Establish a routine with as consistent as possible sleep and wake times. It can be really tempting and draining to vary your sleep cycle during the week. Stick as close as possible to your times- even on weekends. Sleep research has referred to sleeping in on weekends as more tiring for a person than traveling from East coast to West coast in a day.
Turn off screens that have blue light, as it is disruptive to your body’s natural rhythm. This can be really difficult for people; many think they can’t fall asleep without a tv (“I just need the noise), and it is actually quite damaging to your sleep cycle.
Keep your room as dark and cool as possible to assist with both falling asleep and achieving a deep sleep cycle. Each of our sleep cycles help with different things related to well being, and the deep sleep cycle helps the body repair and regrow tissues, build bone and muscle, and strengthen the immune system.
Avoid turning on the lights if you need to get up. You can do most things in the dark if you do have to get out of bed. The light will be stimulating and make it difficult to fall back asleep.
Appreciate the relaxation time even when you’re not falling asleep. It can be easy to count down the hours you haven’t been sleeping or how many hours of sleep you could get if you can just fall asleep right then. Don’t add that pressure! It generally doesn’t end well. The stress and anxiety only increase making it more difficult to fall asleep. You may instead say “it’s good to be relaxed, my body is enjoying relaxation.”
Move slowly and intentionally while lying in bed to fall asleep. Avoid tossing and turning as much as possible to maintain a relaxed state.
Be aware of caffeine and exercise too close to sleep. Caffeine is of course a stimulant making it difficult to fall asleep. Caffeine earlier in the day is not a problem. There is a study that found consuming caffeine six hours before bed reduced sleep by one hour. Exercise in the morning or afternoon can improve sleep. It is important to avoid it close to bed though, as it gets people more activated making it difficult to fall asleep. Throughout a day body temperature is increasing until the point a person is getting closer to sleep. As people are nearing sleep, their body temperature starts decreasing, so as exercise increases body temperature, it has a negative effect on sleep.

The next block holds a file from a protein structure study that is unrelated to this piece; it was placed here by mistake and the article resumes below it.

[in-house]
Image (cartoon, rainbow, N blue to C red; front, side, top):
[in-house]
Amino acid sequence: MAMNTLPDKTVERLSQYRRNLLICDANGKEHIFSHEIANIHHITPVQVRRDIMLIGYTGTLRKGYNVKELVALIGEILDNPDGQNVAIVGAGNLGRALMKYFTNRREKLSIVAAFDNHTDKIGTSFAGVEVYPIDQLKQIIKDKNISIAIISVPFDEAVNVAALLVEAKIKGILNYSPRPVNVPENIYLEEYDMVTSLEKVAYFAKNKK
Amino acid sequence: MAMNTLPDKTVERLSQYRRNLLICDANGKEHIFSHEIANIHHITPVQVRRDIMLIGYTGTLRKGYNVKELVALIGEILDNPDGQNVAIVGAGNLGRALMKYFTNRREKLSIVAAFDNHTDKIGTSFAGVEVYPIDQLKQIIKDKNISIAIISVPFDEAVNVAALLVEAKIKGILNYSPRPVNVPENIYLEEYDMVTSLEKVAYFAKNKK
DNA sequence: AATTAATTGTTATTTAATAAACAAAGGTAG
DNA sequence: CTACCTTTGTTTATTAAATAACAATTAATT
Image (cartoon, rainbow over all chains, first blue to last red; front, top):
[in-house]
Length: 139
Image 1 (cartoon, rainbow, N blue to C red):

Practice breathing and mindfulness while trying to fall asleep. Deep breathing is particularly helpful and really following the sensations of your breath moving in and out of your body. Mindfulness has many effective benefits, including on sleep. It prepares your mind for sleep and with regular practice, one is learning to let go of thoughts and body reactions that may interfere with sleep. People can learn to let the thoughts pass rather than planning and evaluating each thought. Mindfulness has shown to be at least as effective as other insomnia treatments.
Stick to a bedtime practice / routine that is as similar as possible each night.
Get out of bed if you can’t sleep past 30 minutes. Move to a place outside of your bed that is quiet and non-stimulating until ready to fall back asleep. Return to your bed at that time. This can seem unusual to do, but is highly effective at changing associations with your bed and sleep. By getting out of bed when you are not tired and returning only when you are, you are making a strong connection between your bed and sleep. This connection gets weakened the longer you lie in your bed awake and instead the bed and a wake state get connected. The key though is a quiet activity. Do not go read the mystery that has you on the edge of your seat or the show that you can’t turn off.